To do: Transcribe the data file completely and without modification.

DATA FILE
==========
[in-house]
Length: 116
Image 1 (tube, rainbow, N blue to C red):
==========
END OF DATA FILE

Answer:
[in-house]
Length: 116
Image 1 (tube, rainbow, N blue to C red):